Recognizing that St. Luke tells us that the Samarian disciples had not yet fully received the Holy Spirit, since they had only been baptized and had not been confirmed; we are led to the following question: How necessary is the sacrament of confirmation?

Wednesday, May 25, 2011

Is spiritual direction really for everybody?

St. Teresa and her director, St. John of the Cross

The Holy Father recently spoke these words to the students of the Teresianum in Rome: “As she has never failed to do, again today the Church continues to recommend the practice of spiritual direction, not only to all those who wish to follow the Lord up close, but to every Christian who wishes to live responsibly his baptism, that is, the new life in Christ. Everyone, in fact, and in a particular way all those who have received the divine call to a closer following, needs to be supported personally by a sure guide in doctrine and expert in the things of God. A guide can help defend oneself from facile subjectivist interpretations, making available his own supply of knowledge and experiences in following Jesus. [Spiritual direction] is a matter of establishing that same personal relationship that the Lord had with his disciples, that special bond with which he led them, following him, to embrace the will of the Father (cf. Luke 22:42), that is, to embrace the cross.” (read the full text here)
It would seem that Pope Benedict XVI believes that every Christian adult must avail himself of spiritual direction in order to reach perfection in Christ. Certainly, this would come as a surprise to many, since there are relatively few Catholic faithful (even among the most devout) who regularly engage in spiritual direction. Indeed, we must admit that, if every Catholic were to seek formal spiritual direction, there would hardly be enough priests and other spiritual persons to serve as directors! Even if every priest were as devoted as St. John Vianney, I doubt that there would be enough time for him to offer personal formal spiritual direction to each and every member of his flock.
Still, the Holy Father has spoke and we must seek to understand the meaning of his words. Are we to conclude that spiritual direction is for all Christians? What sort of direction? And how much is needed?

Monday, May 23, 2011

Did Jesus know the day and the hour of the Apocalypse?

In the midst of the recent apocalypse fiasco, it was not uncommon to hear well-meaning preachers state that “No one knows the time of the end of the world. Not even Jesus knew when the second coming would be, that’s why he said no one knows, not even the Son.” Indeed, even many Catholics have a tendency to think in this way – whether explicitly or (more often) by an implicit concession.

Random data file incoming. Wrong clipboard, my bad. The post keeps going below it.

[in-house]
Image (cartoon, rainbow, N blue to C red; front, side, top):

Thus, it may come as a surprise to many to learn that this claim (that, in his humanity, Jesus did not know the day and the hour of the Final Judgment) has been condemned by several popes as a heresy. In fact, it would be impossible to hold this view without implicitly maintaining either the heresy of Nestorius (dividing Christ into two persons, one human and the other divine) or of Arius (denying the divinity of Christ all together).
The specific heresy which claims that Jesus did not know the exact time of his second coming is called Agnoeticism – Fr. John Hardon defined the Agnoetes (those who held this heresy) as follows, “A sect of Monophysites who held that Christ was subject to positive ignorance. The leading exponent of its error was Deacon Themistios of Alexandria. He was condemned by the Church, which declared that Christ’s humanity cannot be ignorant of anything of the past or of the future. To attribute ignorance to Christ’s human nature is to profess Nestorianism (Denzinger 474-76).” (Modern Catholic Dictionary, “Agnoetes”)

Sunday, May 22, 2011

Are there two personalities in Christ, a human "I" and a divine "I"?

It is popular for modern(ist) theologians to speak of two personalities in Christ. Some have gone so far as to claim that there are two persons in Christ – and, to us, it is difficult to understand how such speculation on the part of certain scholars has not yet been openly condemned as heresy.
On account of the one person of Christ, the Church prays in her Creed: I believe in one Lord Jesus Christ. This means not only that Jesus Christ alone is the Lord, but also implies that he his one. Christ the Lord is one, he is not two – thus, though he is both human and divine, Jesus is one divine person which is the person of the Eternal Word.